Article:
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Updated monthly editorial from Vixsin Magazine

Foreplay - June


I grew up in a fairly conservative family environment, went to catholic schools until I made it to High School, and spent four years dutifully being an altar boy most Sundays. Like most kids, when I was young I simply took everything at face value. If my parents told me that there was a heaven and a hell, and that Jesus loved me and died for my sins, then I believed every word they said. Like most kids though, once I hit my teens I started to question everything, and the number one question I had was “Is all this religious stuff I’ve been taught a complete bunch of crap?” I pretty soon came to the conclusion that it was all just a fairy story and that the bible was nothing more than the book of Jewish mythology. Mind you, helping me along to wards this decision was the desire to get laid as soon as I possibly could, so any justification for getting away from the churches hideously restrictive rules on sex was fine by me. In many ways, my experience is no different to those of most other teens in this part of the world, which probably helps explain why Australians have about the lowest church attendance levels on the planet. We engaged our brains, realised it was all bullshit, and got on with our lives. It’s for that reason that I’m always a little amazed when I run across adults who fervently believe the whole religious scenario, regardless of whether they’re Christian, Muslim, Buddhist or whatever, for a number of reasons. Firstly, I find it quite strange that they haven’t analysed the lack of logic in the whole ‘God created everything in seven days around 5000 years ago’ theory. I mean, if he could do all that in such a short space of time, he must have spent the roughly 2 million days since then being bored shitless because fuck all else has happened in the interim. Secondly, quite often those people who are religiously inclined have a ‘Do as I say, not do as I do’ approach to their life, in that they’ll prattle on about how someone like me is going to hell for being a pornographer and an adulterer and not following the bible or the Koran, while they’re secretly ripping off their friends or fucking their workmates (Hello, Mel Gibson). Perhaps one of the biggest pieces of hypocrisy I’ve seen recently concerns an 18 year old American girl called Bristol Palin. She’s the daughter of Sarah Palin, who was running for Vice-President of the USA last year. Both mother and daughter proudly claim to be Christians. Sarah is also the Governor of Alaska, and Sarah believes that sex education in schools should cover only one topic – abstinence! Unfortunately abstinence didn’t work for Bristol, because about a week after Mummy was announced as the Vice Presidential candidate, Bristol announced she was pregnant, and told the world that, for teens, abstinence is not realistic. Now, less than a year later, Bristol is doing the rounds of the TV talk shows and, surprise, surprise, she now thinks abstinence is a good idea. I guess she didn’t think about it too much though when she was face down and bum up getting regularly fucked last year. Could these people be bigger hypocrites if they tried? And finally, why is it that fervently religious people, living in relative comfort in a peaceful western country, seem to think that God is taking time out from all his other work to even give a rats arse about their puny problems. 25,000 people a day die of hunger on this planet – it’s a staggering figure that I have trouble getting my mind around, and which God apparently can’t or won’t fix. Yet we are constantly bombarded with the rants of sportsmen and the like, who having just scored a goal, won an Olympic medal or knocked someone out in a boxing ring, proceed to tell us how they couldn’t have done it without God’s help. If there was a God, don’t you think he’d be spending all his time trying to help those 25,000 people get a meal each and every day, rather than trying to help some sportsman get a bigger contract and endorsements next year. Despite all of the above, I’m a firm believer that a person’s religious beliefs are their own, and none of my business no matter how ludicrous they seem to me. Coupled with that though is a desire not to have their religious beliefs thrust in my face, and a hope that they’ll actually be true to their beliefs in their own everyday lives. More and more, it just doesn’t seem to happen that way. Happy Sinning!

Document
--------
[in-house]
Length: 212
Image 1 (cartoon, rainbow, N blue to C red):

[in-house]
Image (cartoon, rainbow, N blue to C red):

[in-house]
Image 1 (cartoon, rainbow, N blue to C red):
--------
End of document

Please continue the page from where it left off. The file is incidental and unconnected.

Ed - 1/6/2009



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